Why Me?

Years ago, a member of my family suffered a serious injury. Almost immediately, she asked the rhetorical question, “What did I do to deserve this?” Her question is a typical reaction to calamity.

Over the past few years, I’ve been asking the same question, but in a completely different context. As the Holy Spirit has (finally) convinced me that I played absolutely no part in my salvation, I’ve been asking, “Why me? Why would He choose someone as stubborn and prideful as me?” As I look at myself, I simply can’t find any logical reason that He would want me.

People have suggested that my disability gives God opportunity to display His glory, which is true on one level. They point to my writing abilities as their evidence that the Lord uses me, in my disability, to compose essays that direct others to Him. They mention my faith. How remarkable, they gush, that I trust in His goodness as I sit in this wheelchair! They really believe God brought me to salvation because my cheerful attitude in the face of adversity glorifies Him.

And maybe it does — on occasion.

The problem with that theory lies in the fact that there are many people more disabled, and yet vastly more accomplished, than I will ever be who do not know the Lord. Stephen Hawking comes to mind. Wouldn’t someone as brilliant as Hawking have served as a better showcase for God’s glory in the midst of disability than I? And yet, Hawking was an atheist who formulated theories in direct opposition to the Biblical account of creation. Why didn’t God save him and use his astounding intellect to promote Creation Science?

I can’t see any reason for God to choose me based on how I’ve overcome my disability. I certainly acknowledge His grace in using me with my disability, but when so many others with disabilities aren’t Christians, I seriously doubt that my Cerebral Palsy has anything to do with His decision to save me.

In recent weeks, the Lord has been using the opening verses of Ephesians 1 to reframe how I think about the “Why me” question. Looking at the verses about election and predestination, I see a very clear answer that I’d always overlooked.

Blessed be the God and Father of our Lord Jesus Christ, who has blessed us with every spiritual blessing in the heavenly places in Christ, just as He chose us in Him before the foundation of the world, that we would be holy and blameless before Him. In love He predestined us to adoption as sons through Jesus Christ to Himself, according to the kind intention of His will, to the praise of the glory of His grace, which He freely bestowed on us in the Beloved. ~~Ephesians 1:3-6 (NASB95)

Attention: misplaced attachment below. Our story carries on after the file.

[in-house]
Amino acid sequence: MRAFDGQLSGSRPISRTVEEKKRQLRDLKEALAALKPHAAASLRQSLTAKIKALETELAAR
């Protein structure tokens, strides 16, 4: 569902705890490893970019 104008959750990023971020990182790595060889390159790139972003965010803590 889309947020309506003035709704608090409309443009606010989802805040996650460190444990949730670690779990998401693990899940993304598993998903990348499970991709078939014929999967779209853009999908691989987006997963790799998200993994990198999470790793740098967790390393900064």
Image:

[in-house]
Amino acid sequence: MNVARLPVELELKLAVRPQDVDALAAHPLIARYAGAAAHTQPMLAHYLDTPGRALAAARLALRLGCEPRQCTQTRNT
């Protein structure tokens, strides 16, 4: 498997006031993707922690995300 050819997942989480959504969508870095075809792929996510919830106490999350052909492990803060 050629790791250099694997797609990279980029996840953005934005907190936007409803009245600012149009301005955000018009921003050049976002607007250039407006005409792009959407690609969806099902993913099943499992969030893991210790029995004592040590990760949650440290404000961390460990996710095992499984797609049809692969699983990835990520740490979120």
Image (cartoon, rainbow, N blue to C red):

The key is verse 6. God predestined us to the praise of His glory. It’s not about us at all! This text indicates that He chooses His elect solely to display His glory, having nothing at all to do with us. He chose DebbieLynne Kespert but didn’t choose Stephen Hawking for His purposes. Does that mean He saw that I have greater potential to glorify Him than Stephen Hawking had? The passage doesn’t say so. It doesn’t even hint at such a possibility.

It sounds humble to ask, “Why me?” And someone new to the doctrines of grace probably ought to go through a time of feeling wonder that the Father would graciously choose her. But as time goes on, even that framing of the question can degenerate into the unspoken assumption that He chooses people because we somehow have something within ourselves that could bring Him glory. Very subtly, we, once again shift the spotlight away from the Lord and onto ourselves. Although we no longer credit ourselves with deciding to follow Jesus, we still find ourselves believing that somehow we merit His mercy, or that He saved us because we possess some sort of raw material that He can utilize for His glory.

Scripture thwarts even those imaginations. In teaching that His kind intention caused Him to predestine us to the praise of His glory, it redirects the focus back on Him. We don’t need to figure out how His choice of us glorifies Him. To be, blunt, that’s none of our business. We need only to praise Him for His grace and to express our thanks by joyfully serving Him.

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